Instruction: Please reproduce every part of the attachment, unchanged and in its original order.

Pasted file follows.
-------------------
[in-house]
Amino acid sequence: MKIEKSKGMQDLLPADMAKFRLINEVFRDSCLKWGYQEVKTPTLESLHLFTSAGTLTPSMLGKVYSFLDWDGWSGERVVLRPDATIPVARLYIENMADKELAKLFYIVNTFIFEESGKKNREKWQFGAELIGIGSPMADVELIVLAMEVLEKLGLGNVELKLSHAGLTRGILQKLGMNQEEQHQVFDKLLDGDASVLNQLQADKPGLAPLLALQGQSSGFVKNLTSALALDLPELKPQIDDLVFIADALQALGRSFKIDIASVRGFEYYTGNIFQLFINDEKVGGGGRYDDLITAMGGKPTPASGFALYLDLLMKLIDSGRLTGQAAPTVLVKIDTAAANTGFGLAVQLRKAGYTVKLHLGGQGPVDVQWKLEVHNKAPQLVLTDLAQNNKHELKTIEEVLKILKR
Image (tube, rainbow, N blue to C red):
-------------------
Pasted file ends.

[in-house]
Amino acid sequence: MKIEKSKGMQDLLPADMAKFRLINEVFRDSCLKWGYQEVKTPTLESLHLFTSAGTLTPSMLGKVYSFLDWDGWSGERVVLRPDATIPVARLYIENMADKELAKLFYIVNTFIFEESGKKNREKWQFGAELIGIGSPMADVELIVLAMEVLEKLGLGNVELKLSHAGLTRGILQKLGMNQEEQHQVFDKLLDGDASVLNQLQADKPGLAPLLALQGQSSGFVKNLTSALALDLPELKPQIDDLVFIADALQALGRSFKIDIASVRGFEYYTGNIFQLFINDEKVGGGGRYDDLITAMGGKPTPASGFALYLDLLMKLIDSGRLTGQAAPTVLVKIDTAAANTGFGLAVQLRKAGYTVKLHLGGQGPVDVQWKLEVHNKAPQLVLTDLAQNNKHELKTIEEVLKILKR
Image (tube, rainbow, N blue to C red):